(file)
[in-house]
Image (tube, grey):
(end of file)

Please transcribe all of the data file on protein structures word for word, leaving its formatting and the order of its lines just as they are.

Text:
[in-house]
Image (tube, grey):